5 Air Pollution Facts You Need to Know

Knowing what’s in the air you breathe and minimizing the levels of pollution you are exposed to is critical to ensuring your long term health.

Having even a basic knowledge of what air pollution is and how it affects your health is very important as it will allow you to limit harmful exposure.


Air pollution is defined as the “contamination of air by smoke and harmful gases, mainly oxides of carbon, sulfur, and nitrogen.”


As with many things related to health, the effects of pollution are cumulative. Sadly, we deal with more than one contaminant at any given time.


You don’t have to live in a big city or right next to a paper mill to be affected. And you don’t have to be able to see smog for it to be a “bad air” day.


According to the American Lung Association’s State of the Air report,

“Nearly five in ten people—150 million Americans or approximately 45.8 percent of the population—live in counties with unhealthy ozone or particle pollution.”

So let’s dive in and talk about these five important things you need to know about air pollution: types of pollution, negative health effects, who’s at risk, the Air Quality Index (AQI), and the steps you can take to protect yourself and your family.


1. Types of Air Pollution

Air pollution is a heterogeneous and complex mixture of dust, fumes, gases, carbon monoxide (CO), nitrogen dioxide(NO2), sulfur dioxide (SO2) and ozone (O3).


There are two main categories - ambient, or outdoor air pollution, and indoor air pollution.


In the US, ambient pollution falls into two main types: ozone and particle pollution.


Ozone

Ozone, commonly referred to as smog, is a gas molecule composed of three oxygen atoms. It’s created when its primary elements, volatile organic compounds (VOCs) and nitrogen oxides, react to sunlight.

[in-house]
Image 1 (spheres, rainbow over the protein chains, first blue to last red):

Ozone occurs in two levels of our atmosphere, at ground level and in the stratosphere.


At ground-level ozone is considered to be a pollutant. It’s dangerous to breathe because it aggressively attacks lung tissue by reacting chemically with it, like a sunburn in your lungs.


But this bad-actor has a good side. The earth is protected from the sun’s ultraviolet rays by the ozone layer which is constantly turning over in the stratosphere.


Particle Pollution

Particle pollution, also called Particulate Matter [PM], is a composite mixture of very small particles and liquid droplets made up of chemicals, acids, metals, and soil or dust.


The particles are so small that some are one-tenth the diameter of a strand of hair! Despite being so tiny you can’t see individual particles, when millions of them suspend in the air they blur the sunlight and you can see a haze.


Particle pollution is especially dangerous because our body’s defense mechanisms, coughing and sneezing, aren’t triggered by them, allowing them to stay trapped in our lungs.

Even short-term exposure to particle pollution can cause early death and heart attacks for people with asthma and cardiovascular disease.

2. Negative Health Effects of Air Pollution


Both ozone and particle pollution can have major impacts on your health, particularly if you have an underlying health condition like asthma, chronic lung disease, or cardiovascular disease. These are some of the negative effects lined to air pollution:

  • Premature Death

  • Developmental harm in children

  • Reproductive harm in adults

  • Other endocrine harm, such as increased risk of diabetes

  • Dementia

  • Impaired physical and cognitive ability

  • Cardiovascular harm

  • Susceptibility to infections

  • Lung tissue redness and swelling


3. Who Is At High Risk?

It’s common sense to know that poor air quality isn’t good for ANYONE, but not everyone reacts the same to breathing air pollution.


Some members of your family will be more vulnerable to the effects:

  • People with lung disease (like asthma or COPD) may experience shortness of breath, chest pains, wheezing, coughing, asthma attacks, and increased visits to the doctor or emergency room to deal with the symptoms.